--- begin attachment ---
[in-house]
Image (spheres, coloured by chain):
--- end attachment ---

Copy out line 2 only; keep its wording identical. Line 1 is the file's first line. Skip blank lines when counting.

Image (spheres, coloured by chain):